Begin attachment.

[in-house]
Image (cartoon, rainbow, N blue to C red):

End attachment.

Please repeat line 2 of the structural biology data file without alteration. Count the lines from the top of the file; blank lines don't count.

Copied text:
Image (cartoon, rainbow, N blue to C red):